Distractions can come in many forms. Sounds and necessary thoughts are some that can have a significant impact on your productivity. Just like leaving a white noise on improves sleep, a study from the Stanford University School of Medicine has shown that music—specifically classical music—can help your brain absorb and interpret new information more easily. What’s more, research also suggests that a good mood generally improves learning outcomes.

Decluttered space, decluttered mind

Have you ever felt like a messy surrounding compounds in your mind? Whenever we’re stressed—whether that’s running into an issue with a client or inability to solve a problem at work. Dealing with an uncleaned apartment, unmade bed, or even a mess on your desk can triple those feelings, making time management and productivity decrease.

Make your bed (especially if you work in your bedroom) and declutter your desk. That’s what folders, cubbies, and pen holders are for!

2. Create rituals to improve productivity

Mastering your habits and rituals is life-changing. It could be as small as making your bed every morning or as massively impactful as quitting smoking after being a smoker for decades. These things all have a thing in common: they achieved success by focusing on patterns that shape a key aspect of their lives.

And you can too when it comes to time management and productivity.

Ritual — a religious or solemn ceremony consisting of a series of actions performed according to a prescribed order.

Create daily rituals that give you peace (or bring you joy)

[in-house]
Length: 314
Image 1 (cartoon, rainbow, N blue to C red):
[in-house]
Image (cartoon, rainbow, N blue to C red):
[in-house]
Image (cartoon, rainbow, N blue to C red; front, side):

Instead of starting your day right at your computer, take 30 minutes to yourself. It could be as simple as waking up 15 minutes early to spend making a fancy cup of coffee or going for a walk with your dog around the city.

If you’re someone that finds it hard to tear yourself away from work once you’ve gotten into a flow, try working out in the morning.

Fearne Cotton and Miranda Kerr both start their day with a freezing cold shower, which provides improved immunity and circulation, stress relief, better mood, and relief of muscle soreness.

Whatever daily ritual you choose, find one that gives you peace and most importantly, brings you joy. This is key to making it a ritual: you won’t continue with it if your mind and body resist it.

3. Use a calendar system that you trust

Once you have your workspace and routines down pat, the next step is to set up a calendar system that you trust.

Review goals and priorities often

Working heads down all the time is detrimental to you in the long run. Just like companies set goals every quarter to plan out what they aim to achieve in the following 3 months, so should you!

Make goals to plan in a three-month, 6-month, and annual cadence. Put these goals in your calendar and don’t forget to create a reminder to review them in your calendar. This practice will remind you to look up often enough (even during busy months) so that you’re aligned on what you hope to achieve. This is key because it’s far too easy to get. swept away in the “busy-ness” of client deadlines, the client asks, and even your employer’s goals.

Use the Pomodoro Technique for time management

Improving attention span is hard in this day and age where distractions come far too easily. Developed in the late 1980s, the Pomodoro Technique is an infamous time management method that encourages you to incorporate breaks throughout your workday. It breaks down work into intervals (25 minutes in length) so that you can spend breaks to refresh your mind. Taking breaks is key to time management—after all, creating a back-to-back calendar every day is far too stressful.